by Bo Griffith, Certified Diesel Mechanic
Ever since diesel pickup trucks started getting popular back in the late 80’s, there has been a debate on which trucks were the best. For the sake of this article, I will try and break down the discussion into several time periods to cover all the iterations of all the engines 12 in total between the three. Keep in mind, this article is more anecdotal than anything else, and you will have to draw your own conclusions.
(1986-1993) In all reality, the first engines didn’t put up any impressive figures initially. In 1989, the 12v 5.9 Cummins put up a mere 160 horsepower, but a respectable 400 ft-lbs. torque. The 7.3 International IDI put up 185 horse, and 338 ft. lbs. torque. Lastly, the 6.2 Detroit used by Chevrolet had 160 horse, with 285 ft. lb. torque. In the first generation of diesel engines, I will have to give the prize to the 5.9 just for the power available. Not only did it come with more power, it was much easier to supe-up than the other engines on the market. Reliability wise, they were all very good. There were a couple of notable issues, such as the “killer dowel pin” in the Cummins, the cylinder wall cavitation in the International, and the fact that the 6.2 would shake itself apart due to poor crankshaft balance. (1994-2002) Ford introduced the 7.3 Powerstroke engine in 1994, and it was an instant legend. Surpassing both Dodge and Chevy in sales, there are still 2 million of these trucks on the road today, 13 years after production ceased. This truck was known for good power output and reliability. While the 12v Cummins was still a good engine, not much had changed about it. Chevrolet had switched over to the 6.5 Detroit, which did have a little more power output, but still lagged behind the others. Keep in mind, when Chevy came out with a diesel engine, it was to get better fuel economy, not necessarily more power. For the mid 90’s to early 00’s, the 7.3 Powerstroke still sits as king of the hill. That was bound to be shaken up at some point though.
(2003-2007) With new emission regulations coming down the pipe in the early 2000’s, manufacturers had to start updating these older engine systems. Dodge upgraded their injection system to be a high pressure common rail, this is after they doubled the valves in the engine to 24. [after 1998] Chevrolet partnered with Isuzu to come out with the now famous Duramax. Ford traded in the old 7.3 design for the new, improved (I use that word lightly) 6.0 Powerstroke.
Both Dodge and Chevy had some problems with this new, complicated injection system. The LB7 Duramax had many more problems, leading to a class action lawsuit, and eventually an extended warranty on the injectors. Speaking of class action lawsuits, how about that 6.0? The real problem with the 6.0 was that it wasn’t designed to work as well in the higher horsepower pickup truck market. The VT365 worked great in medium duty trucks and buses, but was tuned for a much lower power output. The 6.0 had a lot of power, but just wasn’t durable, between head gaskets, EGR coolers and injectors. Need some Stiction Eliminator? For the mid 2000’s Cummins is once again the “best” with the early Duramax in a close second.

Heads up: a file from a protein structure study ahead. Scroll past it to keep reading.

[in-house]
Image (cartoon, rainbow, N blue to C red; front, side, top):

(2008-2010) After 2007, emission regulations got even more stringent, causing vast overhauls by both Ford and Dodge. Ford finally switched over to common rail injection, with the International 6.4 engine this engine would only have a short 3 year run. Dodge made the switch to the ISB 6.7 engine, finally putting the trusty 5.9 Cummins to rest interesting fact, the 6.7 uses about 40% of the parts the original 5.9 used. The transition was made pretty easily by the Duramax lineup, making it my favorite from this time period, unlike the Powerstroke, [which was very, very different and complicated]
(2011-present) 2011 brought us EVEN MORE emissions regulations, leading to the use of DEF. Ford went to the drawing board for the first time to come up with their own diesel engine, breaking up their 25-year relationship with International. What they came up with was a compact graphite iron block, and a reverse flow engine. Reverse flow? Yes, the intakes are on the outside of the engine, with the exhaust coming out to the turbo in the engine valley. Other than a potentially deadly glow plug issue on the first run of engines, they are very reliable. Dodge still uses the 6.7 engine, and Chevy has the 6.6 Duramax. The Duramax has adapted to every new regulation almost seamlessly, other than a few cold weather DEF issues. They currently sit at last place on listed power output but not by much.
I really can’t say which engine is best, being a Ford guy, I will lean towards the Scorpion engine, I mean how cool is that name? But all the engines have immense power, and towing capability. If you are looking for a new truck, I would base a decision off of aesthetics and personal preference. You really are not going to go wrong with any American 1-ton truck manufactured today. I don’t see any trucks sticking out until they reach 1,000 ft-lb. torque, which isn’t that far off, seeing as we have two trucks over 800 ft. lbs.
Originally published in LSI Innovation Magazine – Issue 104